Well, this really makes perfect sense to me. I don't think we've really recognized the fact of the closeness of the physical and the cyber security in the past, and I'm glad that both of you are working so closely in this exciting area to bring these together. So Mark, what technology trends are you seeing now that support this evolving intersection of cyber and the physical threats that we're seeing today?
Well, there are a number of ways you could address that, but certainly the growing use of embedded systems. Embedded systems are really in all facets of our society, and while they're not computers, they act much like computers and they can react like computers. So the growing ubiquitousness of these embedded systems (that really are in everything from cars and airplanes to substations and water treatment plants and auto manufacturing) - everything has these embedded systems. As I mentioned earlier, they have potential vulnerabilities that can be used for disruption.
So the embedded systems are certainly one of the technology trends where I think we're seeing an evolving intersection. The growing use of wireless is something that we're seeing more and more of. These systems, many of them are located in remote locations. There's a growing use of wireless technology to manage these things remotely. So there's a variety of different technologies and things that, in fact, do play a part in that intersection of physical and cyber.
Well, on the heels of Hurricane Sandy which we've all experienced here as a nation - and are still experiencing, I might add - the results of it all. Add to that, recent reports of vulnerabilities to the nation's electric grids... Are there certain sectors or threats that keep you up at night from a physical and a cyber perspective?
Well, I wouldn't say there's one that maybe is more important than others; although, some are certainly more visible than others (e.g., the electricity sector, as I mentioned a minute ago, the water sector, communications sector - they're all a bit more tangible, and people can see and touch and feel and smell them). Those are certainly things that I worry a lot about. From a threat perspective, we've recently seen attacks on the financial systems in America, and actually relatively low level technology attacking, but the response that it required from both the public and the private sector to address that has been pretty remarkable. So those kinds of things, you think that everything is high- tech and whiz-bang, and in fact, it can be something fairly trivial from a technology perspective that can cause some significant disruption.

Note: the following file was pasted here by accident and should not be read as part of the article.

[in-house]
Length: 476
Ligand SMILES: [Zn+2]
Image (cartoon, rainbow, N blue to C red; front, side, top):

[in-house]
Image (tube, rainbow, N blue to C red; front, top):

So it sounds like these critical infrastructures are the ones that are your biggest concern.
Well, they are. I mean, that's what the job at DHS is about, protecting the homeland, and those services and systems and technologies that society and our citizens depend on for health and safety and welfare—those are the things that I focus on, and those things that keep me awake at night, as you say.
Great. Well, Suzanne, how about from your perspective?
Well, one of the things we spend a good deal of time on is assessing, gathering data, and doing analysis to help prioritize critical infrastructure. Asking: what are the most essential? What are the ones where we have to really focus and allocate resources? And in order to do that, you have to understand the consequences if you lose that asset, facility, network, or system. Then work your way back from that in terms of figuring out what are the highest priorities which highlights the need for a holistic approach. You can't look at cybersecurity and prioritize on cybersecurity without assessing the physical consequences that will result from a cyber penetration or cyber attack.
Great. Well, Mark, you and Suzanne have been working very, very hard over there. How is DHS helping to set the example for best practices and connecting cyber and physical security? Are there ways that you can share publicly with us here during our broadcast?
Harry, we have made a concerted effort to ensure that we are not working in stovepipes here. We have a cyber security organization and an infrastructure protection organization that is traditionally focused on physical security, and we have made concerted efforts to ensure we're taking an integrated approach, and one of the specifics is: we have set up an integrated analysis task force. That task force draws on expertise from the cyber side of the house and the physical security side of the house to do the kind of modeling and analysis that I've been talking about. There you assess the consequences in the physical world, and the cross-sector consequences. So you're not looking just at one sector, but the dependencies between sectors. So that's all the sectors that rely on electricity, all the sectors that rely on transportation, and communications.
That's great. You've been doing some great work there Suzanne, and Mark, can you add to that, please?
Yeah, we also have, I think another very successful thing that DHS is doing. We have our people scattered around the country in the different FEMA regions working with the private sector. They're doing assessments on the ground; incorporating both physical security and cybersecurity components to those assessments. They're working in sync, as I said. Both the private sector and state and local governments - people literally across the country. It's probably one of the growing services that we are providing for the nation out of DHS. I've been around the country talking quite a bit lately. This is the one issue that's coming up, a lot that people are more and more interested in how we can help them on that from that perspective.
Well, you both have given us some great thoughts and ideas on the way that DHS is now taking a look at both the physical and the cyber areas of our critical infrastructure and how to protect that to the best of our ability.